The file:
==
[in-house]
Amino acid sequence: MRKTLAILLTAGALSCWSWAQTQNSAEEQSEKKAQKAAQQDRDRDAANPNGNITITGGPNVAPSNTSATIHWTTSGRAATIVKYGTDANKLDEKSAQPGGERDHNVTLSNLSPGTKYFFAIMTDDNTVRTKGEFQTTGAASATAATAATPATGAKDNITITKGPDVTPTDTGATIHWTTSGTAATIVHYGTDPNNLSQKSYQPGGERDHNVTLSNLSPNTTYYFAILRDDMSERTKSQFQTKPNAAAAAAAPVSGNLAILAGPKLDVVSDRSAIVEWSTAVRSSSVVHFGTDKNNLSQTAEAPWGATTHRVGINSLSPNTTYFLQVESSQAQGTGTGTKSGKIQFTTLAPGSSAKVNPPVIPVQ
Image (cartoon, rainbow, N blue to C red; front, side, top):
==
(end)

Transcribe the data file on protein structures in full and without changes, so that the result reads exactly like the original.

[in-house]
Amino acid sequence: MRKTLAILLTAGALSCWSWAQTQNSAEEQSEKKAQKAAQQDRDRDAANPNGNITITGGPNVAPSNTSATIHWTTSGRAATIVKYGTDANKLDEKSAQPGGERDHNVTLSNLSPGTKYFFAIMTDDNTVRTKGEFQTTGAASATAATAATPATGAKDNITITKGPDVTPTDTGATIHWTTSGTAATIVHYGTDPNNLSQKSYQPGGERDHNVTLSNLSPNTTYYFAILRDDMSERTKSQFQTKPNAAAAAAAPVSGNLAILAGPKLDVVSDRSAIVEWSTAVRSSSVVHFGTDKNNLSQTAEAPWGATTHRVGINSLSPNTTYFLQVESSQAQGTGTGTKSGKIQFTTLAPGSSAKVNPPVIPVQ
Image (cartoon, rainbow, N blue to C red; front, side, top):